What ended up happening was the most interesting, memorable, eclectic party we ever threw. Rockers in leather jackets were laughing and drinking with Etonians. American heiresses were getting to know kids on grants by reading aloud the awful poetry of William Topaz McGonagall. People who would never normally talk to each other were actively, surprisingly enjoying themselves together. It was the best party we ever had at that flat, and yes, the haggis was all eaten up. It was a Burns Night miracle.

When Burns Night goes vegan

And what about when you deliberately get Burns Night ‘wrong’? Burns was famously fond of animals – after all, his ode ‘To a Mouse’ apologises for disturbing this ‘fellow-mortal’ by accidentally overturning her nest. Many would argue that there’s no need to harm animals in celebrating his memory.

If you want to make sure that no haggises at all are injured in the enjoyment of your night, you’ll need to diverge from the traditional route altogether, and put on a proper vegan supper. And that’s easy. Here’s how to adapt the elements above:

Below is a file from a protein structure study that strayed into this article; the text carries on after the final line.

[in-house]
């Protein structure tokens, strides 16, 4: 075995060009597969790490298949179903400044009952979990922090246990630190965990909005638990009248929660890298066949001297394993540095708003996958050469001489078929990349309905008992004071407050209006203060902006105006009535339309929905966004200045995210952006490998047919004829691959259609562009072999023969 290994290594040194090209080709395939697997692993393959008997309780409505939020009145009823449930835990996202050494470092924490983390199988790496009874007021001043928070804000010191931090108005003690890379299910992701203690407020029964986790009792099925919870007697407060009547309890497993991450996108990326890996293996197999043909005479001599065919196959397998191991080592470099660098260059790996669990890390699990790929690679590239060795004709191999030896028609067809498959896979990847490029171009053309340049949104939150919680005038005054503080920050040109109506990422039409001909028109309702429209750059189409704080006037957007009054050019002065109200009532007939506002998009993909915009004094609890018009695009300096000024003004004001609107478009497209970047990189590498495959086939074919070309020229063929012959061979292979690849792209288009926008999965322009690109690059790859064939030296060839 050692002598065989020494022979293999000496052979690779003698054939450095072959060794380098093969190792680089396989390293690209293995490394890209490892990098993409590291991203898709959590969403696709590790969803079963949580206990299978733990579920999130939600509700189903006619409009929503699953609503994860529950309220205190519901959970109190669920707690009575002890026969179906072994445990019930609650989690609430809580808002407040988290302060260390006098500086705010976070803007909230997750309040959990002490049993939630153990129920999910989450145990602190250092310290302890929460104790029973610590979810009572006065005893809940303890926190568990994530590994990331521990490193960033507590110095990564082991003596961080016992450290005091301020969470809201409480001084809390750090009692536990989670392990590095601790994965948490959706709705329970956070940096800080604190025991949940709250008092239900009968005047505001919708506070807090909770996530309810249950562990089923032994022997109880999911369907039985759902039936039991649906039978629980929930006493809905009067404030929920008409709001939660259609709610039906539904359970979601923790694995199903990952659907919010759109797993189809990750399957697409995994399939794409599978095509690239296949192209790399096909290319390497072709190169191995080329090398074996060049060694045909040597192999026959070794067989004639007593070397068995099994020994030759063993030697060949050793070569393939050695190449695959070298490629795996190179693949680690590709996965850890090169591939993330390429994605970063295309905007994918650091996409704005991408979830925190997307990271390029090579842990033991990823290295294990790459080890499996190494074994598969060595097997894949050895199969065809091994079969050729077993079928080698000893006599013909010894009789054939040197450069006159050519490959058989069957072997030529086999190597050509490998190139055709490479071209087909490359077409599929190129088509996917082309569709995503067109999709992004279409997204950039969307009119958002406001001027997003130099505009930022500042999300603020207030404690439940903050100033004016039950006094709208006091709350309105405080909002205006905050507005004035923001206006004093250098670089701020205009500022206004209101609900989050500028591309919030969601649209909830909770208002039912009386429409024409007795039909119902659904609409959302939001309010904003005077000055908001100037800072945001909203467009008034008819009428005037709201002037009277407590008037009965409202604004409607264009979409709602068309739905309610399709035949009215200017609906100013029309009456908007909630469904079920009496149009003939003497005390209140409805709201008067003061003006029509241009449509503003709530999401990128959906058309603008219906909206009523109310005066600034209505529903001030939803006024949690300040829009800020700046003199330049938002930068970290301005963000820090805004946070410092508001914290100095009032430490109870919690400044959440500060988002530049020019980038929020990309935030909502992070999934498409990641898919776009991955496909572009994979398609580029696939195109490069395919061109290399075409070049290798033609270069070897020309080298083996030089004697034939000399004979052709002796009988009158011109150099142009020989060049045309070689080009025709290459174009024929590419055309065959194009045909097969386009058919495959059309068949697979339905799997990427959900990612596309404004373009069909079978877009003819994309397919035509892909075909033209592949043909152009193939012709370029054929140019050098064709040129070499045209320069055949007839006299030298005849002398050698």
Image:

• Vegan bagpipes: widely available. Still make the same sound.
  • Vegan kilts: make sure you’re wearing a non-wool variety (the same goes for your sporran).
  • Vegan whisky: like other distilled spirits, it’s actually hard to find a whisky that isn’t.
  • Vegan cock-a-leekie: make a potato and leek version – you’ll need our prunes for the finishing touch.
  • Vegan haggis: easy to track down nowadays and preferred by many non-vegans too, who simply can’t take the heavy meat of the traditional haggis.
  • Vegan neeps and tatties: completely vegan anyway, but make them beautifully creamy with some non-dairy cream.
  • Vegan clootie dumpling: make this with our plant-based suet, a non-dairy milk of your choice and the correct amount of our egg substitute.
  • Vegan cranachan: delicious made with dairy-free cream.

The last word goes to Burns

The best laid schemes o’ Mice an’ Men,
Gang aft agley

True. But it needn’t all be grief and pain. An alternative Burns Night – or even one that goes slightly wrong – can still give more than its fair share of promis’d joy.

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This post was written by Yzanne